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Messages - dkast

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Current Law Students / Re: Is Batman the best superhero ever?
« on: August 13, 2005, 02:34:04 PM »
Green Lantern.

He should be able to make nuclear weapons and an army of tanks or whatever he sees fit to destroy his foe.

The onslaught of his army based on sheer numbers would defeat any superhero's abilities.  I dont know of a super hero who can deal with more than one enemy at a time.  Sheer numbers could defeat any superhero.

Current Law Students / Re: Professional Conduct, Responsibility & Ethics
« on: August 13, 2005, 02:26:12 PM »
I believe that ethics should be a part of your everyday existence whether you're an attorney or not.

Ethics is a fundemental principle which at the foundation of the law.  I dont see how ethics would play a role in law that differs from ethical considerations in everyday life.

The law is there to uphold ethics and when applying the fact situation of your clients case, ethics are invariable present within the law.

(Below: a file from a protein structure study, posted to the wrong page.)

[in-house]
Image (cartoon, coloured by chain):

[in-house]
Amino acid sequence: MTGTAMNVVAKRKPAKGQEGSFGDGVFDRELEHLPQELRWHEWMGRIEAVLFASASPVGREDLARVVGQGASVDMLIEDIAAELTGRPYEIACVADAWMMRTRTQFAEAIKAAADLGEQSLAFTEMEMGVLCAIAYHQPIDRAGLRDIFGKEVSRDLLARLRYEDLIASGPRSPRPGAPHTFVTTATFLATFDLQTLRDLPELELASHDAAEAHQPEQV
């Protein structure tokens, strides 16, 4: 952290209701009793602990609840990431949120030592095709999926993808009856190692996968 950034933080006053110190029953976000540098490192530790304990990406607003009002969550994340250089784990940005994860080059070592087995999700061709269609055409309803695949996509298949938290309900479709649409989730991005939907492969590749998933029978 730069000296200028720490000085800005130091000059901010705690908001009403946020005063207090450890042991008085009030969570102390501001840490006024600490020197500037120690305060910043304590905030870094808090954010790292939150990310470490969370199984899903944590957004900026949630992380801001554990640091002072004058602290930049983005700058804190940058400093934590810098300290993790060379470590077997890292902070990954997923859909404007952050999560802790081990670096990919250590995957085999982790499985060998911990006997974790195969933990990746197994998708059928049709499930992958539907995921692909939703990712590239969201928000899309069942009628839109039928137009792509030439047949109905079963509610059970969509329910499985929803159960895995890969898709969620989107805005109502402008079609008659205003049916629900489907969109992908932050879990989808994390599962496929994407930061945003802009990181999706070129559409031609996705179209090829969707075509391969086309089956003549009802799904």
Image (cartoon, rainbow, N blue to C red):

Current Law Students / Re: Albinger v Harris
« on: August 13, 2005, 02:20:03 PM »

Thank you for your insight and replies to this case.

Objectivity of course is essential to any type of legal analysis and applying the law to given fact situations.

Where do you go to school btw?

Current Law Students / Re: MUST HAVE reading materials for 1Ls
« on: August 13, 2005, 10:57:21 AM »
I think the restatements are important not necessarily for your class, but more along the lines of legal analysis.  Enabling you to apply the law i.e., restatements to fact situations.